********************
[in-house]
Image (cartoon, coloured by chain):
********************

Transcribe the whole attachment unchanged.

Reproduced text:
[in-house]
Image (cartoon, coloured by chain):